ISIL beheaded Dozens in Palmyra, but how Strategic is the City?

By Juan Cole | (Informed Comment) | –

Nearly 500 people died in the campaign by Daesh (ISIL, ISIS) to take the Syrian city of Palmyra, including 49 who were executed before the fundamentalists reached the city center. On Thursday, they are alleged by the Syrian Observatory on Human Rights to have beheaded at least 17 more people, among them Syrian Arab Army POWs, pro-regime militiamen, and pro-regime civilians. The terrorist organization ordered the population of the city to remain in doors. The city of some 140,000 (many of them refugees from Homs and other urban centers damaged by the civil war) fell to Daesh on Wednesday, marking the second city conquered by the organization this week (Ramadi in Iraq fell to them on Sunday).

On Thursday, Daesh forces took two villages outside Palmyra on the road to Damascus, claiming to have killed 50 Syrian Arab Army troops who were attempt to flee to Homs.

For Syrians, Palmyra is famous not only for its historical ruins but more darkly as the site of the notorious Tadmor Prison, where Muslim fundamentalists were imprisoned, including for thought crimes, and torture was practiced intensively. The regime is said to have moved the prisoners to a secret location before the city fell.

Personally, I disagree with those analysts suggesting that Palmyra is a strategic asset or that its fall brings Daesh to the gates of Damascus. It is a small town out in the eastern desert away from the population centers along the western border of Syria. Two-thirds of Syrians live in the corridors linking Damascus to Latakia and Aleppo via Homs. Daesh isn’t all that much closer to Damascus than it was in southern Raqqa province already. Maybe having it improves the organization’s logistics with its assets in Iraq, but that is about it. Some observers are also claiming that Daesh now controls half of Syrian territory. But that is a silly way of counting things. The eastern desert is sparsely populated and it isn’t even clear what ‘controlling’ it would mean. The scorpions and lizards wave black banners? What Daesh controls is mostly white in the below ethnic map of Syria (i.e. unpopulated).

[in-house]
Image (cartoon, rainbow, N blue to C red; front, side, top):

Screen Shot 2015-05-22 at 2.44.30 AM

The more colorful spots are non-Sunni ethnic minorities like the Druze, Alawites, Christians, etc. However tired these groups might be of the war, they will go to Israeli-style mass citizen mobilization before they will accept being conquered by Daesh. That is, the al-Assad regime may well fall in the end, but the conquest of Palmyra by Daesh does not actually indicate that fall is imminent.

Many Syrians on Twitter are complaining that world leaders like President Francois Hollande of France are all of a sudden energized about Syria now that Palmyra has fallen to Daesh, because of the organization’s iconoclastic policies and the danger it will destroy the Roman ruins. They want to know where Hollande has been while over 200,000 Syrians were killed in the civil war.

The big question is how Daesh, supposedly being bombed by coalition aircraft, was allowed to send out a substantial convoy down desert roads to Palmyra from Raqqa. The Pentagon has been issuing statistics on so many bombing raids etc. for months, but unless the bombing is degrading Daesh’s capabilities then it is a waste of taxpayer money. In Kobane, the bombing succeeded in keeping the city out of Daesh hands because Kurdish Marxist guerrillas also fought it on the ground. But the US can hardly give the genocidal al-Assad regime close air support. Without a ground force to support, the US bombing is merely symbolic.

The situation is different in Iraq, where US and coalition bombing raids have helped push Daesh back in Diyala, Salahuddin and Ninewa Provinces, in conjunction with ground operations by Kurdish Peshmerga or the Iraqi army and its Shiite paramilitaries. In that context, the fall of Ramadi was probably preventable with the right coordination. In Syria, I don’t see the US aerial intervention as so far having been consequential.


Related video:

Associated Press: ” Ancient City of Palmyra Falls to IS Militants”

12 Responses

  1. I agree that the fall of Palmyra is less significant than the creation and backing of the al-Qaeda infiltrated ‘Conquest Army’ by Saud Arabia and Turkey. Currently centered around Idlib it’s been giving the regime a hammering in the north and is backed by two regional powers considerably stronger than Syria’s rump state. That being said, driving Daesh back in Iraq is useless if it can seize more territory from a weak Syrian government. NATO learned this the hard way on the Af-Pak border with the Taliban. The question of what to do over Syria genuinely has me stumped. Perhaps we can offer the top Baathist leaders exile somewhere like Tehran or Russia so that someone less odious can take over the helm in Damascus? That’s pretty much it as far as I can see.

    • I think the exile option would have been offered years ago. The problem is that the Baath’s constituency would still be stuck in Syria getting slaughtered. The anti-Baath Sunnis would still be stuck in Syria getting slaughtered. You can’t stop the fighting unless each ethnic group has its safety guaranteed against even a few bloodthirsty adventurers from one of the other groups. There are no honest brokers left willing to provide the troops necessary to do this.